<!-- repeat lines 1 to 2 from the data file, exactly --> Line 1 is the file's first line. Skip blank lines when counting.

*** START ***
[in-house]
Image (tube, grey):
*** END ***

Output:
[in-house]
Image (tube, grey):